. Frankly, it's difficult to know where to start, given the size of the damn thing. Wait! I said 'damn' didn't I? That makes it sound bad. It's not bad ? quite the opposite, in fact. Argh! Brain fart! When not knowing where to start, the start seems like a good idea.
In the beginning, there was light. A big blue expanding light. Then there's a great big acne pock on the Empire City's landcape with Cole, you're new bezzie mate, staggering around looking like he's spent a bit too long sniffing turps. Then there's a huge great massive game in which you run around with an ever-increasing number of superpowers, being good and/or evil, free-running, exploring, feeling cool as all f**k and generally having a rollicking good time.
The plot revolves around the aforementioned crazy blue explosion and the superpowers it has given Cole. The explosion has left the city in a bit of a state. With typical rioting, looting, abandonment by the authorities, quarantine and rise of the mutant gangs, it's not a nice place to be. You have to decide whether you're going to be a nice chap and help out as much as you can, or a nasty chap and look after yourself at the expense of all others. You also have to get to the bottom of what the bloody, blazing hell caused the accident in the first place.
You might, at this point, be wondering why you should give a toss if you're evil. ***MILD SPOILER INVOLVING CLEVER PLOT DEVICE ALERT!!!***
Sucker Punch, the developer behind your walk into inFamy, has a way around just that problem. The thing is, your main missions in the game are dished up by Moya, the FBI agent who caught you in the act of trying to leave the quarantined city. She's letting you out of there if (and only if!) you find her husband, who was investigating the shadowy group responsible for sending your city down the crapper. If you're a good guy, you probably just want to help. If you're baddie, you just want out. Either way, you're doing the same stuff.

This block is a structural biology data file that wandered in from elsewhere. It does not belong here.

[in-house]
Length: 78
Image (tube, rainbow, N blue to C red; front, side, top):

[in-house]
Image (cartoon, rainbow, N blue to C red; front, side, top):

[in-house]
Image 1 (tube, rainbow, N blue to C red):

***MILD SPOILER OVER***
'In that case what's the point in those damnable moral choices?' you're asking. In a nutshell ? by choosing different paths you get a bit of variation in your powers, some different in-game movies and, if you're bad you look undeniably cooler, redder and a bit Sith.
I took the good route, however. Because I'm like that.
I'm notably hard to interest when it comes to game narratives, and inFamous
succeeded in engaging my attention with its plot. It is largely well handled. Cole's Frank Miller-esque (I thought Clint Eastwood. EE Tyrion reckons it's Travis Bickle mixed with Philip Marlowe)
monologues pay suitable homage to the game's superhero roots, without slipping too far into the realm of cliché. Similarly, I was pleased to see the cutscenes use a sketchy, comics-influenced style without resorting to primary colours, and no "BIFF!!!'s" appearing all over the place.
Once you've spent a bit of time with a reasonably well disguised tutorial, it's on to getting stuck into the missions that are sent your way. As well as the objectives that come from Moya, your mate Zeke (means well, a bit useless, apparently-Elvis-loving comic relief) will sometimes ask you for help and provide information; your ex-girlfriend Trish (holds you responsible for the destruction and death of her sister) sometimes whines that she needs help and occasionally other folk will pop up to demand your attention. The danger of falling into turgid GTA IV
territory is, however, avoided.